The law created the 100,000-acre Central Pine Barrens Region – and sliced it in two.
“You got the core preservation area, that’s no development,” Turner said, “And then you've got the compatible growth area where limited development in accordance with certain guidelines can take place.”
It also created the Pine Barrens Commission to make sure the law is followed. This five-member commission is made up of the three supervisors from the Pine Barrens towns, the Suffolk County executive, and a representative from the NYS Department of Environmental Conservation.
The Commission can review every project in the Pine Barrens and make sure it follows the land use plan, which the act also created. It set up strict parameters for wastewater contamination, requires that natural streams and wetlands be left alone, and limits vegetation clearing to preserve large patches of unbroken forest.
Even small changes to a piece of property must be approved by the commission, and even small infractions can rack up tens of thousands of dollars in fines.
When then-Governor Mario Cuomo signed the bill into law in 1993, he said the words “New York” usually conjure subway muggings, but that really, New Yorkers are environmentalists.
“You’re looking for something larger than yourself and then it occurs to you,” Cuomo said before signing. “Niagara Falls, the Adirondacks, the Pine Barrens, the water under Long Island, the rivers, the chestnut tree in the park in South Jamaica, Queens – the environment. Ecology, preserving it, saving it, fighting for it...With sureness I go to bed tonight, having signed a bill and made it law, knowing I did the right thing,” Cuomo said.
When helping craft the legislation, Assemblyman Englebright says he took a practical view of the delicate balance between preservation and development.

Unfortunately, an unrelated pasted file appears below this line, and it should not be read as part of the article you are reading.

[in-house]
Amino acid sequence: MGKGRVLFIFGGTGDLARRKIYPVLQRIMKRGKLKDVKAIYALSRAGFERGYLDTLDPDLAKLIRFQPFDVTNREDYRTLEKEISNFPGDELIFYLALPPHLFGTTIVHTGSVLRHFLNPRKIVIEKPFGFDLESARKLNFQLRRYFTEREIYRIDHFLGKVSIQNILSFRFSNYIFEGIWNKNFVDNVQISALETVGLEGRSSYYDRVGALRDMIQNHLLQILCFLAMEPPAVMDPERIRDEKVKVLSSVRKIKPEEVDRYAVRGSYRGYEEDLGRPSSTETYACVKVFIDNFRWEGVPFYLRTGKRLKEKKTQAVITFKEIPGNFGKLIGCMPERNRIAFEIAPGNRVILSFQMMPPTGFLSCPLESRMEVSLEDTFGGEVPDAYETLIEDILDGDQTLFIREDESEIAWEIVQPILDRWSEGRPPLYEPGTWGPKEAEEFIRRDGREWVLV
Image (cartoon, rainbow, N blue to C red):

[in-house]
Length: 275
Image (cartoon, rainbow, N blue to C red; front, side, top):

“We're keenly aware that you can't preserve everything,” Englebright said. “You can't do that economically. So there's going to be some development – indeed, our children are going to have to live somewhere. How do you find the proper balance, is the question.”
It’s this balance that makes projects like the proposed golf course resort possible. The developer, Discovery Land Company, owns almost 600 acres in the Pine Barrens, and plans to build 118 homes plus the golf course and a clubhouse in East Quogue.
The protection act requires that the project follow strict guidelines to offset any potential environmental impact. The developer says they’ve done that, but Dick Amper is not convinced.
“If indeed they could alter the project and make it conform, we would not have a problem with that,” Amper said. “We believe that the law was a good one, a fair one, and it was not abusive of property owners but it was protective of the public water quality.”
The developer’s plans include building their own water treatment facility, leaving 65% of the land untouched and building in areas that are already cleared of vegetation. It will be up to the Pine Barrens Commission to decide if the developer’s efforts are enough to satisfy the law.
“The people who are questioning our project, or oppose it outright, have great concerns, and they’re concerns that all of us share, as citizens, as community members, as developers – as Discovery is.” Brian Tymann, a community outreach manager for Discovery Land, said. “But it's a really well-vetted project…by a company like Discovery, who has a track record and a history of building properties that are very responsible. They go above and beyond. There are a lot of sustainability aspects to them.”
After the developer’s application is done with the Southampton Town Planning Board process, it will be brought before the Pine Barrens Commission.
Then, the Commission will do the job they’ve been doing for four decades: trying to strike a balance between preservation and development.
This report is part of a series on the Pine Barrens that is a collaboration between WSHU and the Stony Brook University School of Journalism. The reporting team consisted of Margaret Osborne, Desiree D'Iorio, Taylor Beglane, Kiki Sideris, Joshua Joseph, and Kiara Thomas.